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March 21st, 2008

I love when technology does things like this:

And the winner for best music video: "Chocolate Rain."

Tay Zonday morphed from an unknown musician to an Internet superstar who got booked on national TV shows after his song "Chocolate Rain" - an amateur clip of his baritone crooning - went viral last year. Now he's among the 12 winners of the second annual YouTube Video Awards, recognizing the top user-created videos of 2007.

YouTube users voted on six nominees for each category: music, sports, comedy, instructional, short film, inspirational, commentary, creative, politics, series, eyewitness and "adorable."

"It's the new Emmys," Zonday, 25, said of the video-sharing site's awards in a telephone interview with The Associated Press. "It's the next Oscars. The next People's Choice Awards. It'll be interesting to see what happens five years, 10 years (from now)."


Here are a couple of the winners:

In the Short Film category, a 6.5-minute video about a girl dealing with the onset of her mother's Alzheimer's disease. It's quite poignant:
My Name is Lisa

And this is the winner from the Eyewitness category. It' about 8.5 minutes, and a rare snapshot into the wild—buffaloes, lions, and alligators, oh my! A fascinating look at the herding instinct and survival of the fittest.

Battle at Kruger

The entire list of nominees can be found here.



I met Kevin (av8rdude) at the gym at 4:00, where today I did 30 minutes on the lower body machines, ending with the oh-so-dreaded abs machine.

Afterwards, I did 45 minutes on the elliptical machine at level 4, during which time I listened to 23 ABC News Money Minute podcasts. I'd say two-thirds of them were related to the mortgage debacle going on in this country right now.

Today's workout statistics:
Exercise Type
Minute
Duration
Calories Burned
or Area Worked

Resistance

30

Lower Body

Cardio
(Elliptical)

45

895

Total
75
895



I met Gregor (wild_sun) at Manbites Dog theater at 7:30 for the 8:15 show, to which the Board of Directors treated me. When handed my complimentary ticket, I made a $20 donation.

I know I must sound like a raving lunatic about this theater, but once again, their current show is outstanding. If you like magic (and even if you're just mediocre about it), you will love this show.

What I liked most about it, though, was, yes, Joshua Lozoff is a fine, fine magician, but I felt totally connected to him as a human being—that's what moved me most about this show. It will make you laugh—potentially almost to a fit during the segment where he shows the audience how to do the basic make-an-object-disappear-into-a-handkerchief trick; make you exclaim OMG a number of times; and once or twice, it might even give you chills up and down your spine.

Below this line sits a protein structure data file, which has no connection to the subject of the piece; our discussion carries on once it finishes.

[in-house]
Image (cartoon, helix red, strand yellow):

The show is a great mixture of story-telling; amazing card tricks; what I'll call in my layman nomenclature "physical object displacement" tricks; and most compelling in my humble opinion, what I thought of as "human connection" tricks.

The show has a three-week run, which is totally sold out, but the rumor is that on Monday, another week is going to be opened. Check their website Monday morning for an update, or call the box office then @ 919-682-3343.



After the show, I joined my friend and in-coming President of the board, Gregor, and Ed and Jeff, who are the founding fathers and the heart and soul of Manbites Dog, at Piedmont just up the road from the theater, where we had great conversation about the history (down to its DNA) and vision of the theater and what role I might play on their Board of Directors.

I got jazzed up during our talk about grant writing needs that they have, as I took a course in grant writing during my recent Master's in Technical Communication program, it was something I liked, and it's something I've actually thought of as a job I might like should I be laid off from IBM. So, it would be a win-win if I started off on the board contributing in that space.

I have to say that at one point in the evening I thought, "I'm having drinks and conversation with two great, great contributors to the arts, not only in this area, but especially in the GLBT community of which I'm a part."



We left Piedmont when it closed at midnight, and I met Joe at Flex, where he had met Brian and Chris, two guys visiting Raleigh from Tampa on a scouting-out-a-possible-place-to-move-to trip.

We played a couple of games of free, partners pool, and then went to Legends, but by the time we got there the show was completely over. Toward the end of the evening, we had a 5- or 10-minute from none other than Tula Box (mediacafe), who among a lot of other things, told us she's now contributing to an area blog about her morning commute on public transportation on weekdays.  He promised to send me a link to it.

We closed the place down, and just after two o'clock left Brian and Chris to walk to their room at The Curler, and Joe and I went to iHOP.

We had the funniest exchange with this group of people behind us in the line. It was a girl, with her boyfriend, we think, and two or three other guys, one of whom we thought was gay. The girl said something that assumed that Joe and I were a couple, and I said, "Oh we're not together like that."

I could tell by the way she reacted (with an "Oh please, Mary" look) that she thought I was denying that we were gay, so I said, "Oh, I do have a boyfriend, but he isn't him," I said indicating Joe. They all just howled—loud enough that everyone in the waiting area turned around and looked at the lot of us.

It was way too late by the time we left there—3:30. Joe and I were falling asleep waiting for our check. Ridiculous.

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